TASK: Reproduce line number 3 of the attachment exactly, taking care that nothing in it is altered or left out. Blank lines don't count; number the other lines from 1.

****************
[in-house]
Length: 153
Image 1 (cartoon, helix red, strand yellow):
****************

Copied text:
Image 1 (cartoon, helix red, strand yellow):